Which brings me back to the left/right brain and technical/theory points that I brought up at the beginning of this article. As a photographer, or any professional creative for that matter, you need to have some kind of balance between the creative and the technical. For images to stand out there needs to be both technical mastery and aesthetic creativity. We look at some of the brightest photographic stars out there and the interesting thing, to me at any rate, is that they are able to create visually compelling images of an extraordinarily high technical quality. Part of the compelling nature of the images is the very fact that they are so technically masterful. But technical mastery isn’t everything. Last year I pointed out Ugo Cei’s commentary on the imagery within the photographic site 500px. The smorgasbord of colour and amazing locations practically assaults the senses. The images on the site are extraordinarily well done in the technical sense, but often lack in the creative or aesthetic sense.

Photographs that seem to stand the test of time and are not pidgeon-holed into a current fad (think HDR, psychedelic colour, strong use of particular lighting styles like the ring-light etc) tend to have a balance between the technical and the creative. Good photographers know that they need the analytical skills to figure out technical problems to image creation, from the settings on the camera to the placement of lights through to the necessary computer skills for post-production. But, good photographers also know that they have to have an open mind and creative bent in order to make their technically good images stand out from the ocean of other technically competent images. I have looked at up and coming artists out of universities and quite frankly the work is sometimes technically shoddy, meaning that the message is muddied by the poor articulation of what is often a very good idea. The student gains impressive marks because they are being judged by peers within the intellectual genre that they learned in the first place. Then the student is surprised when they don’t become an overnight success in the real-world. On the flip side the work from some of the technical colleges is sometimes technically outstanding, but creatively poor. It’s like a paint-by-numbers exercise. 

It isn't exactly a creative image, but what the client wanted required a very detailed and technical knowledge of the camera, light and Photoshop.

I have a suspicion that the left/right brain thing makes it easier for me to operate in the commercial realm of photography. I tend to approach things from a creative and analytical point of view (or at least I think I do). This doesn’t mean that you have to have this genetic programming to be successful (remember I don’t necessarily consider myself successful…yet), but it might lend a clue as to the type of photographer and photography we are most capable of succeeding in. Commercial photography is a problem solving game. The client wants an image to illustrate something. Solving that image problem requires a balance of analytical and creative thought. I suspect I wouldn’t be a very good Fine Art photographer although I try hard to; simply because I tend to be too analytical and it can get in the way of self-expression. Current trends in wedding photography require an extremely creative mindset in order to set oneself apart from the ‘followers’ of a fad. Again though, truly successful wedding photographers seem to approach their work creatively but with a very strong sense of business and numbers (which requires analytical skills).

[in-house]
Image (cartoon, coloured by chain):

What this really boils down to ultimately is that photography is not just about the art. We need to recognize this to be successful in photography. If a photographer is extremely creative but lacking in technical skills, she should probably consider looking into the technical aspects of photography (as well as business). As Claire, my long-suffering assistant points out, any photographer who proudly proclaims that they only work with natural light, is actually tacitly admitting that they don’t have the technical knowledge to work with artificial light. On the other side of the coin are the photographers who throw every conceivable piece of gear and software at an image and drown the creativity in plugins and exotic lens effects (Joe Cornish pointed out to me when I briefly worked with him that too many photographers use wide angle lenses because they are wide, not because the scene warrants that effect). There needs to be balance: creativity for your voice and analytical skills for the loudspeaker so that the voice can be heard.